For many people, the words “internal auditor” conjure up an image of a robotic figure with an array of precisely sharpened No. 2 pencils.
But the reality is, internal auditors are anything but automatons. They are human beings with identities, preferences, and yes … even feelings. And they have definite opinions on what makes them happy in their jobs.
It benefits all of us when we know what elements keep employees happy, productive, and efficient at their work. Managers can use this information to positively address those factors within their control. After all, studies show that when an employee leaves an organization, it’s usually because of the people they worked with. Not the company or the work.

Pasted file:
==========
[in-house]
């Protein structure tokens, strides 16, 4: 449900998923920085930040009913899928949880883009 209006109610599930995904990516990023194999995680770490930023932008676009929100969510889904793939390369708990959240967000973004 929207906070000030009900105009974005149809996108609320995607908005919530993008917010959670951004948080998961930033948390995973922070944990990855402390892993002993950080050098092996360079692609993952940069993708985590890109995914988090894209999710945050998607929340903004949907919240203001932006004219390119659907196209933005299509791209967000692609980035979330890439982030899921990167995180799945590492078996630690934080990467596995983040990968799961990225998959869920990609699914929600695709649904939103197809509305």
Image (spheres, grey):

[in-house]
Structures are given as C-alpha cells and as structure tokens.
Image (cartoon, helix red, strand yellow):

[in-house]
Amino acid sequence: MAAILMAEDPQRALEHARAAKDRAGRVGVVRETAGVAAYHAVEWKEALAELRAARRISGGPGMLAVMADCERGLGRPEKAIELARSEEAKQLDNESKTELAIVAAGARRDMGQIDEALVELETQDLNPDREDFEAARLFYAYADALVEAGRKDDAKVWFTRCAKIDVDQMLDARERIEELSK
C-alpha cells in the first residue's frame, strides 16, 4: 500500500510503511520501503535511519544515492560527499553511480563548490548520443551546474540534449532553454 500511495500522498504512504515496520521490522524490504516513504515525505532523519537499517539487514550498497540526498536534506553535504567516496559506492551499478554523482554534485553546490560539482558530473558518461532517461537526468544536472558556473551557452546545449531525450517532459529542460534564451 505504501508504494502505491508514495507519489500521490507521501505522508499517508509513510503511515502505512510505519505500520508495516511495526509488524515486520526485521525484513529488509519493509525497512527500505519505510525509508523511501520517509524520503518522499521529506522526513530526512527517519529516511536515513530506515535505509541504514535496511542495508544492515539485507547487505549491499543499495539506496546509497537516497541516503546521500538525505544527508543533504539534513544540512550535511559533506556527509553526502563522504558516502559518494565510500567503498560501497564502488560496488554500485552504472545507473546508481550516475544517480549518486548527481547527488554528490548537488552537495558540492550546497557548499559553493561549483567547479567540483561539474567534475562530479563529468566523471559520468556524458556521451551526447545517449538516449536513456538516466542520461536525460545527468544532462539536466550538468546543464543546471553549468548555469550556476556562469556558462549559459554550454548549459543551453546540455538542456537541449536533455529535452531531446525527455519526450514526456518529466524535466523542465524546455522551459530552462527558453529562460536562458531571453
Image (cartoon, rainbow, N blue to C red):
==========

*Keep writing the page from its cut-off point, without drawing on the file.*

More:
To provide some insight on the question of how to hang on to top-performers, The IIA Research Foundation (IIARF) surveyed IIA members in North America and received more than 1,600 responses. The result is Job Satisfaction for Internal Auditors: How to Retain Top Talent. This illuminating report brought to light eight key themes ranging from what environments are more likely to create organizational-professional conflict to what behaviors are more likely to be seen from internal auditors who receive incentives based on company performance.